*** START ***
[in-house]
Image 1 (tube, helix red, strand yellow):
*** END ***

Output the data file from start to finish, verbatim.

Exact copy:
[in-house]
Image 1 (tube, helix red, strand yellow):